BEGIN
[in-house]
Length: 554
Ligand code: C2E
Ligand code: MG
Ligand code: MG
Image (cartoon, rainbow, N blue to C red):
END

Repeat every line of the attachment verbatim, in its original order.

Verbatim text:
[in-house]
Length: 554
Ligand code: C2E
Ligand code: MG
Ligand code: MG
Image (cartoon, rainbow, N blue to C red):